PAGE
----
Alex quietly bobbed to the surface the water just when he felt he couldn’t exhale any longer and would drown only a few feet from the surface.
Exhausted and gasping, he floated on his back and drank the fresh air into his lungs. Thus far, he was feeling no signs of decompression, or the bends, as they were known. Nevertheless, that didn’t mean he could dismiss it as a serious concern. The first indications were usually a deep pain in the joints of the arms and legs, and could take minutes, or even hours, to become apparent. Still, he had fair odds of getting away clean.
The nitrogen gas in the bloodstream that caused the bends tended to accumulate in fatty tissue, and so he had worked hard to stay in peak shape for more reasons than just impressing the women at the gym.
He took a few moments to recoup, aware he couldn’t spare too many more. Not safely, anyway. The boat was nowhere in sight, but it was almost certain that the water was being scanned for signs of his reappearance; he wasn’t sure if it would be from the beach, the boat, or both. Whichever it may be, he wasn’t going to let himself be seen. At least, not just yet.
He glanced around to get his bearings, then double checked them on his compass, having no idea how far he’d drifted from the dive site, or which direction the current might have taken him in. He quickly noticed however, that he was within five hundred yards of the southeastern edge of the swamp. And there, standing all by its tall lonely self, was a cypress. Perhaps the same one he had marked, what seemed so long ago.
The boat wasn’t anywhere in sight, not that he’d expected it to be, but that was good.
He could guess where Jack had taken it.
His breath slowing and almost regular, Alex allowed himself another twenty seconds to recover his strength. He reached into his satchel for the eight inch J-snorkel he’d separated from his spare oxygen canister before ditching it, and put the mouthpiece between his lips.
He turned face down and lowered his head underwater, blew into the snorkel to make sure it was clear, and began to swim towards the shore. His legs loose and straight behind him his fins stroked smoothly, gliding unseen beneath the surface of the lake.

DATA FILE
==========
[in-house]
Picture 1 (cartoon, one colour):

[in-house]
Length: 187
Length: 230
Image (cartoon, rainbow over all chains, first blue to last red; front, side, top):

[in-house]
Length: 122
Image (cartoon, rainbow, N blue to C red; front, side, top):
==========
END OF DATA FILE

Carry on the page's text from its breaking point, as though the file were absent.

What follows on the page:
It was, he thought, a bad run of snake eyes; he’d been set up twice in as many days. In both instances he had felt bound to confront his opposition when it was their two against his one. And this time he couldn’t count on Pete popping up out of nowhere to even the odds.
Crouched low in a clump of palmetto palms, and perhaps five yards behind the cypress he had seen from the boat, Alex could just hear Carrone and Jack working out a cover story to account for his disappearance. It wasn’t perfect, but then it didn’t have to be.
Obstinate, know–it-all-city-boy, Alex Oliver had been diving for weeks without letting modest, conscientious local boy Jack Thibodeaux properly check and maintain his scuba equipment. And since a tender couldn’t do his job if the diver insisted on being foolhardy, Jack had given up tryin’ to argue the point with him. Divers had gotten into bad fixes through their own carelessness before and it would surely happen again in the future, they reasoned between them while ironing out their story.
If Oliver’s body didn’t turn up, that would be that.
In the unlikely event that it happened to float ashore before the scavenging crabs and catfish picked it clean from the bones, why even an honest investigator would determine that Alex had died from an out-of –air accident due to instrument failure. This, of course, would be based on the post mortem exam of the faulty reading on his psi gauge. Why suspect the gauge had been tampered with by his partner, when there was no evidence of a prior falling out between those two? Indeed, when any of the dealers whom they regularly did business with, would attest that the two appeared to get along well as a team.
The questions and answers continued between them while Alex steadily narrowed the distance.
Considering that Jack would be telling his pile of homespun horseshit to the sheriff, or one of his deputies, and would have Carrone signing off on it as well, meant he could probably tell them anything. He could say that Alex’s fate had come from an attack by a swamp monster, alien abduction, or head-on collision with the ghost ship of Blue Beard, and get away with it.
No sweat; It could work.
Alex looked and listened from the concealment of the brush. In their own way, they were good, he thought, the only monkey in the wrench of their scheme being he was better and savvier. His mistake - and he acknowledged it was a significant one - was underestimating how far Jack could be pushed to turn on him.
Alex had known that Jack had had his weaknesses, and they had never quite been great friends, but they had always gotten on all right as partners.
Much as he disliked admitting it to himself, he’d started out as being a cop with a deep-rooted core of positivism. And some rudiments of that attitude remained stubbornly lodged inside him, despite having spent years exploring the darkest alleys of human nature. He had been hesitant to think the worst of his partner, and had almost paid for it - big-time. With his life.